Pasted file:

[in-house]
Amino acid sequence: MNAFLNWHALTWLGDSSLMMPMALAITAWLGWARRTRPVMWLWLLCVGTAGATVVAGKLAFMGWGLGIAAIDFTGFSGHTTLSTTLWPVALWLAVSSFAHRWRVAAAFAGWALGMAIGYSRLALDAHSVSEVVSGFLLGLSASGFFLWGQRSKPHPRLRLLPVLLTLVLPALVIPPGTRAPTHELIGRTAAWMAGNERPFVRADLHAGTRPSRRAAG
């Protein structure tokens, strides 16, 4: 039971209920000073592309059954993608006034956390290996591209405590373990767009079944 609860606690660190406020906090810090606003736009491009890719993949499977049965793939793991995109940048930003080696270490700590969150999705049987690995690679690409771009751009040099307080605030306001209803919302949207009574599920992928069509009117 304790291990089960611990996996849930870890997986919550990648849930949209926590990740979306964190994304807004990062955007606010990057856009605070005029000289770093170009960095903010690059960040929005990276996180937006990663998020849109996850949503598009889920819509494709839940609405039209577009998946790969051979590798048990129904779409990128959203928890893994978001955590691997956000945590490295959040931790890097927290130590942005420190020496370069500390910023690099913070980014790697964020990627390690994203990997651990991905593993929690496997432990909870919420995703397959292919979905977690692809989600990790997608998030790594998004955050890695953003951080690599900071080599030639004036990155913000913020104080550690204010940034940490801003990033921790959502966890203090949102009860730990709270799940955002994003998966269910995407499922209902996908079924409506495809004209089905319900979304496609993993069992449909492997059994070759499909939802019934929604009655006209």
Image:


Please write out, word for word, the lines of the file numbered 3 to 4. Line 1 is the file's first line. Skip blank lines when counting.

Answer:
């Protein structure tokens, strides 16, 4: 039971209920000073592309059954993608006034956390290996591209405590373990767009079944 609860606690660190406020906090810090606003736009491009890719993949499977049965793939793991995109940048930003080696270490700590969150999705049987690995690679690409771009751009040099307080605030306001209803919302949207009574599920992928069509009117 304790291990089960611990996996849930870890997986919550990648849930949209926590990740979306964190994304807004990062955007606010990057856009605070005029000289770093170009960095903010690059960040929005990276996180937006990663998020849109996850949503598009889920819509494709839940609405039209577009998946790969051979590798048990129904779409990128959203928890893994978001955590691997956000945590490295959040931790890097927290130590942005420190020496370069500390910023690099913070980014790697964020990627390690994203990997651990991905593993929690496997432990909870919420995703397959292919979905977690692809989600990790997608998030790594998004955050890695953003951080690599900071080599030639004036990155913000913020104080550690204010940034940490801003990033921790959502966890203090949102009860730990709270799940955002994003998966269910995407499922209902996908079924409506495809004209089905319900979304496609993993069992449909492997059994070759499909939802019934929604009655006209």
Image: